With health insurance demand on the rise, volunteers chip in
on December 23, 2013
OAKLAND – It’s not your average Saturday afternoon in the “teen room” at Rockridge Public Library. Carl Holland walks down a row of computers, peering over the shoulders of people navigating Covered California’s website.
“How are we doing over here?” he asks Lawrence Lincoln, an Alameda resident who has hit a snag in his pursuit of health insurance through the online exchange. A self-employed contractor, proving income is complicated for Lincoln, and he’ll have to produce more documents to get a price estimate. Holland plots strategy with Lincoln; others up and down the row wait for help too. More people wait for a computer in a line that snakes out the door.
Everyone came for information about the insurance options available thanks to the Affordable Care Act – just two days before the first enrollment deadline. At the same time, all across Oakland residents have flocked to other workshops held by volunteers and community organizations working to get California’s uninsured acclimated to the new system.
Monday is the final day to enroll for people looking for coverage to start in January, while March 31 is the cut off for open enrollment. As demand for insurance surges, people like Holland, the President of Volunteering for Oakland, have stepped up to help make an often complex process less daunting. Holland is a Certified Insurance Agent trained by Covered California to advise potential customers of their options and to guide them through the enrollment process.
With call centers inundated with questions and lengthy wait times, volunteers like Holland and his team serve as a bridge in the process.
“A lot of people come in having tried to enroll but couldn’t make sense out of it,” he said.
“Some people are just looking for a plan to meet their needs. But a lot of it is just hand holding.”
Kim Hunn, 54, a Berkeley resident scoping out her options, arrived with questions before starting her process at home. Uninsured for the last 20 years, Hunn says that up until now she’s been lucky with her health, but at her age would like to know that “if there is a major problem, there’s coverage.” Hunn spends much of her time in Europe and has benefited from its universal health care. A dentist in Spain treated her for 30 Euros, she said, but here prices prevent her from seeking care. After sitting down with a counselor, Hunn is ready to start her search.
According to Holland, the importance of today’s deadline has been somewhat overblown by the media, which has fed an enrollment frenzy. Covered California announced that 53,510 people had enrolled in just a three day period starting Dec. 16. By comparison, that number is nearly 75 percent more than enrollments in the entire month of October. This demand is reflected in the sessions that Volunteering for Oakland have organized.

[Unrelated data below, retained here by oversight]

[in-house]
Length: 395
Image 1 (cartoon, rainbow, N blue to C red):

“It’s become frenetic,” Holland said. “It’s a deadline only in the context of those who need coverage starting Jan. 1. If you miss it, it’s not the end of the world.”
According to a report released this month by the California Health Care Alliance, seven million California residents are uninsured, and the percentage of uninsured under age 65 is among the highest in the country. In this environment, Volunteering for Oakland is just one of many groups in the city trying to help communities in the initial stages of the rollout.
The NAACP has organized information sessions throughout the city, as have community groups targeting minority populations with language barriers.
“There’s enough need in Oakland that it’s not a competitive thing [among groups],” Holland said. “All of us are trying to find ways to make things better for the people of Oakland.”
Lincoln, one of the uninsured residents, thinks he’s on his way to being insured thanks to the volunteer effort.
Holland hands Lincoln his business card and tells him to give him a call if questions come up at home, when he’s digging up the additional documents.
“Now he’s my guy,” Lincoln says. “I came in totally ignorant but he’s taught me enough that I can keep going with this.”
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